Baku helps Astana diversify oil exports
    Caliber.Az review

    ANALYTICS  28 March 2023 - 14:51

    Khazar Akhundov
    Caliber.Az

    The geopolitical shifts that have been reigning since the Ukraine war outbreak have had a very negative impact on the transport and energy routes linking the countries of Central Asia with Europe and passing through Russia. Kazakhstan faced such problems particularly due to repeated violations of the stable operation of the Caspian Pipeline Consortium (CPC) oil pipeline. Amidst conflicts around the CPC last year, Astana decided to diversify exports by setting up oil transhipment through Azerbaijan and further along the Baku-Tbilisi-Ceyhan (BTC) oil pipeline to Georgian and Turkish ports. Deliveries along the trans-Caspian route started this year in the second decade of March, and yesterday (March 27), another batch of Kazakh oil produced at the Tengiz field left the port of Aktau.

    The war in Ukraine, which has been going on for more than a year, has acted as a trigger, reformatting transport and logistics schemes that have been established for years. The EU states were forced to urgently abandon Russian energy carriers and diversify transport routes passing through the territory of the Russian Federation in favour of increasing the supply of oil and gas raw materials from other sources (countries in Africa, the Middle East, the Persian Gulf), including from Azerbaijan and Kazakhstan. Moreover, the situation has been exacerbated by repeated interruptions in the operation of the main pipeline system through which Kazakhstan has been transporting about four-fifths of its oil exports for many years. Thus, from March to August last year, under various plausible pretexts, the Russian authorities repeatedly stopped the operation of a branch of the Caspian Pipeline Consortium, starting lengthy repairs, for example, at the Novorossiysk Oil Terminal - the endpoint of the CPC system. However, stoppages with the shipment of Kazakh oil via the CPC occurred in February of this year due to severe storms in the Black Sea, which forced the shutdown of the same Novorossiysk terminal.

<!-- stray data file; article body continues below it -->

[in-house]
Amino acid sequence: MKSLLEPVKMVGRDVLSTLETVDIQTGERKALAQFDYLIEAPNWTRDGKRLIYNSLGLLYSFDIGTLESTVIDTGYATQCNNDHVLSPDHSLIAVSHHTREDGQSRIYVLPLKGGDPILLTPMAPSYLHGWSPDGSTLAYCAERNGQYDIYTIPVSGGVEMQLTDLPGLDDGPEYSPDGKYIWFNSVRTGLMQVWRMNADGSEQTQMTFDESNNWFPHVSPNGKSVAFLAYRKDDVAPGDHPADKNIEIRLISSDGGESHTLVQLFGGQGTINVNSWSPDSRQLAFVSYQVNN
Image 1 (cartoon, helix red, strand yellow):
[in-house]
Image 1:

Either way, for Kazakhstan, the uninterrupted and sustainable operation of the 1,511-kilometre-long CPC pipeline, with an annual capacity of 67 million tonnes of crude, is vital, as it supplies 80 per cent of all export oil from Kazakhstan's fields. Despite last year's force majeure, which reduced the CPC to 52 million tonnes of oil, Astana intends to continue using the pipeline on a long-term basis, as for the republic redistributing nearly seven dozen million tonnes of oil through alternative corridors is not feasible in the foreseeable future, especially in view of the production build-up plans for this year and next year. Oil production at Kazakhstan's biggest field, Kashagan, is expected to rise to 18.2 million tonnes in 2023 from 12.7 million tonnes in 2022, while at the Karachaganak field, it will rise to 12.2 million tonnes from 11.3 million tonnes seen last year. Moreover, by the end of 2024, Kazakhstan also plans to increase production at the Tengiz field, where a certain decline in output is forecast for this year. Under these objectives, the CPC consortium (main shareholders Russia, Kazakhstan and Chevron) has been removing bottlenecks last year and this year to increase the mechanical capacity of the pipeline system to 72.5 million tonnes in Kazakhstan and 81.5 million tonnes in Russia, according to the latest Reuters data. However, despite all these efforts, Kazakhstan's Ministry of Energy plans to increase oil exports through the CPC to only 56.5 million tonnes in 2023.